In the previous post on relationships, we explored the human need to belong and how to satisfy that need, and today, we’ll talk a bit about relationships and how casual ones differ from more intimate connections. Before we get any further, you might have some questions about the definition of ‘intimate.’ Although ‘intimate’ can also refer to non-romantic relationships such as close friendships, we’re going use intimate to refer to romantic relationships here. Take a moment to reflect on the intimate relationships you’ve had – how were they different than your friendships?
Intimate relationships are different from casual ones in at least 6 ways:
- Knowledge: People in romantic relationships have extensive (and often confidential) personal information about each other. They’ve probably shared feelings, desires, and info about their histories they don’t reveal to other people they know.
- Caring: Affection is higher between romantic partners, who feel more affection for each other than they do for most others.
- Interdependence: The lives of intimate partners are intertwined to some degree, since your behavior and what you do will affect not only you, but also your significant other. It’s the extent you need and influence each other.
- Mutuality: As a relationship get more exclusive and/or serious, people start to consider themselves to be a couple instead of two separate individuals. It’s when you start thinking in terms of “us.”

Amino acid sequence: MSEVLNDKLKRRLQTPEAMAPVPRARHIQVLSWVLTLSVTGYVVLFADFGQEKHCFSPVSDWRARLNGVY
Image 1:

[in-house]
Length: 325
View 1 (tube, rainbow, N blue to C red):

- Trust: An expectation that our significant other will treat us with honor. If trust is broken, we often stop wanting to be as open, and that affects the level of interdependence.
- Commitment: The expectation that the relationship will continue indefinitely. When people are committed, they invest the time, effort, and resources to make that happen.
So there it is: the 6 important ways romantic relationships stand out from other more casual relationships. You don’t absolutely need these factors for intimacy to happen, and each can exist even when others are missing. Take an unhappily married couple as an example: they might still be very interdependent, but without much caring or trust. You can imagine that their relationship is still intimate, but to a lesser degree.
Keep in mind that intimacy can vary over the course of a relationship, but generally, our most meaningful and happy relationships include all 6 factors described above. Do you feel that this accurately reflects your most satisfying intimate relationships?
Photo by: zz77
|This is a guest post by Stacey Yan, a good friend of mine. Stacey has just completed her MSW degree (also has a BA in Psychology) and is currently enjoying her off time hiking around the various trails of Southern California.|